A total of 15 phytoalexins (PAs) have been characterized in rice, including 14 diterpenoid PAs and one flavonoid PA, sakuranetin [41, 42]. The diterpenoid PAs in rice have been categorized into four distinct types: phytocassanes A to E, oryzalexins A to F, momilactones A and B, and oryzalexin S [43]. Many essential genes involved in phytoalexin biosynthesis pathways were previously identified (Fig. 5). Among them, seven genes were significantly up-regulated in IR28 at 24 hpi and 48 hpi, and enriched specifically in DEGs of the resistant cultivar revealed by KEGG pathway enrichment analyses. These genes included OsCPS2 (BGIOSGA008469) which is involved in the phytocassane A-E synthesis, OsCPS4 (BGIOSGA015502), CYP99A2 (BGIOSGA015504), CYP99A3 (BGIOSGA015981), and OsMAS (BGIOSGA038038) which are involved in the biosynthesis of momilactone A and B, CYP76M7 (BGIOSGA008466) that catalyzes the biosynthesis of oyzalexin A-F, and OsKSL11 (BGIOSGA034012) (Fig. 5 and Additional file 10: Table S7). Up-regulation of these phytoalexin biosynthesis genes in response to U. virens indicates that phytoalexins are important components in rice resistance to RFS.

Fig. 5

The genes involved in phytoalexin biosynthesis were specifically induced in the resistant variety IR28 in response to U. virens infection. Known genes that are responsible for the biosynthesis of different types of phytoalexins were shown. Genes in bold were identified to be up-regulated in IR28

Differential expression of WRKY transcription factors

WRKY transcription factors are one of the largest protein superfamilies in plants that can regulate various defense processes and play important roles in controlling the transcription of defense-related genes through binding to W-boxes in their promoters, a key cis-element in defense-related transcriptional regulation [44, 45]. Here, we identified 13 WRKY genes that were differentially expressed in IR28 and LYP9 after P1 inoculation (Fig. 6 and Additional file 11: Table S8). In IR28, five WRKY transcription factors were found to be significantly up-regulated. Among them, OsWRKY53, OsWRKY69 and OsWRKY71 genes were induced at both time points in IR28 and significantly inhibited at 48 hpi in LYP9, suggesting that these WRKY proteins might function as key positive regulators in the rice defense against the infection by U. virens during initial colonization.

Fig. 6

Heat map for differentially-regulated WRKY genes between IR28 and LYP9. A total of 13 WRKY genes were identified to be differentially regulated in IR28 and LYP9. The technical details and the colour scale are the same as those in Fig. 2

The cis-acting regulatory element analysis

Venn diagrams in Additional file 12: Figure S4 showed up-regulated and down-regulated DEGs with consistent expression patterns at both time points in IR28 and LYP9 in response to P1 inoculation . In IR28, 454 genes exhibited similar expression patterns between 24 hpi and 48 hpi, including 284 induced and 170 suppressed genes. In susceptible LYP9, 67 genes were up-regulated and 136 genes were down-regulated simultaneously at 24 hpi and 48 hpi. The conserved cis-elements in the promoter regions of the DEGs with similar expression patterns may provide clues as to how rice plants respond to pathogen infection. Eleven conserved motifs including five core elements of W-box and several DNA binding sites of Dof and Myb transcription factors were identified when comparing the promoter regions of up-regulated genes with those of down-regulated genes in IR28 (Additional file 13: Table S9). W-boxes, the binding sites of WRKY transcription factors, were significantly more abundant in the 5’-regulatory regions of up-regulated DEGs in IR28. Strikingly, cis-element scanning in the PLACE database revealed that a cis-element CTAGCTAG, where the RY repeat motif has been found to be essential for seed-specific expression of some storage proteins, was identified to be significantly more enriched in the promoter regions of up-regulated PR genes as compared to other PR genes in IR28 (Table 2). The cis-element is even more abundant in the promoters of the up-regulated chitinase gene cluster. For comparison, the frequency of the cis-element in the 52 up-regulated kinase gene promoters is similar to that in other coding genes in the genome. These data suggest that the RY repeat is a cis-regulatory motif that is involved in the regulation of defense-related genes.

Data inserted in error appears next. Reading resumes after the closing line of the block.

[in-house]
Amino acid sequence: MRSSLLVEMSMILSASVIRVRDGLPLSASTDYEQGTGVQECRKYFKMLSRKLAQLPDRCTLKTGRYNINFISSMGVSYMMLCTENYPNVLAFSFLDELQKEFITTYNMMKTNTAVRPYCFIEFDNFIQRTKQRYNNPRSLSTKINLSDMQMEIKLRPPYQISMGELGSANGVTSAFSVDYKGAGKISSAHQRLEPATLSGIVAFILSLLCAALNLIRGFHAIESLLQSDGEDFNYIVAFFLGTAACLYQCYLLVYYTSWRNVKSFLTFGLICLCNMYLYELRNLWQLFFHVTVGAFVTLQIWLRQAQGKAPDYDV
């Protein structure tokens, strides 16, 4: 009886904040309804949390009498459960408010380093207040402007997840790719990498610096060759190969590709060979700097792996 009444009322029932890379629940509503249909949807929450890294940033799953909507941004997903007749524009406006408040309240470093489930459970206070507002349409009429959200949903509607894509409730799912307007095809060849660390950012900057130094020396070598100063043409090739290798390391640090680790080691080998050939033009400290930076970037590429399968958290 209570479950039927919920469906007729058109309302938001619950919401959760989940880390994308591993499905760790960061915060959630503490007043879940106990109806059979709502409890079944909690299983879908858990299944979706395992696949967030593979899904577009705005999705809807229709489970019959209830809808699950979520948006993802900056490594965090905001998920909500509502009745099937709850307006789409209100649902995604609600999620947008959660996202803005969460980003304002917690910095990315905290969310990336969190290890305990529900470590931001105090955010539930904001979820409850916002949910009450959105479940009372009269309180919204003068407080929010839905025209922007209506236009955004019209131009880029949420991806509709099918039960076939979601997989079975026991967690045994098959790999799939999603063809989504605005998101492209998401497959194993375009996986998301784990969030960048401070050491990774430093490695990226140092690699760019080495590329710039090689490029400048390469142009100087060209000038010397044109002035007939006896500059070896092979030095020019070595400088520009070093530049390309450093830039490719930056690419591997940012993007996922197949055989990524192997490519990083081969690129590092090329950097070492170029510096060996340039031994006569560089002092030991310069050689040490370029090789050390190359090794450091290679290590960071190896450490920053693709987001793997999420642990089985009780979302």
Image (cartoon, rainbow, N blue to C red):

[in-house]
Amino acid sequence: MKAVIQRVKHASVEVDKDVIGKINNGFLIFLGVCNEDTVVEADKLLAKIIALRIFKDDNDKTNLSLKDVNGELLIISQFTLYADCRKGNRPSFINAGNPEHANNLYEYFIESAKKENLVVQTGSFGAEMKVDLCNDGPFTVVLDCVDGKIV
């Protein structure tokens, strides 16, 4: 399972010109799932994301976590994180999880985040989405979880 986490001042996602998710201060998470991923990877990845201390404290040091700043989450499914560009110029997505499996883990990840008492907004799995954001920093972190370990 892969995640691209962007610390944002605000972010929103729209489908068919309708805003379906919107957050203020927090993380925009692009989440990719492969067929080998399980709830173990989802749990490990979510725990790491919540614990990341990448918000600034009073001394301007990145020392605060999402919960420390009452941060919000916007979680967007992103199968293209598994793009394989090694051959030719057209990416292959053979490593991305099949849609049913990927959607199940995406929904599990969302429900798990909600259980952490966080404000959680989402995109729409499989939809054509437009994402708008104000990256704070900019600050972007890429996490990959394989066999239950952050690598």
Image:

Table 2 RY repeat motifs enriched in the 5’-regulatory regions of 47 PR genes, particularly in 9 chitinase genes, which were up-regulated in IR28 and suppressed in LYP9

Validation of DEGs by quantitative RT-PCR analyses

To validate the DEGs identified by comparative transcriptome analyses, 14 DEGs that might be essential for RFS resistance were selected, and expression of these genes in response to pathogen inoculation was investigated by quantitative real-time RT-PCR (qRT-PCR). The qRT-PCR results showed that most of the tested genes were generally up-regulated at 24 hpi and 48 hpi in the resistant IR28 and down-regulated in the susceptible LYP9 (Fig. 7a and Additional file 14: Figure S5). The correlation between RNA-Seq and qRT-PCR data was further validated by comparing the corresponding expression data from both analyses. The log2 ratio values from transcriptome analyses were plotted against those from qRT-PCR. A clear correlation between two methods was found at R2 = 0.61 (Fig. 7b). In general, qRT-PCR data confirm expression patterns of these important RFS resistance-related genes revealed by RNA-Seq analyses.

Fig. 7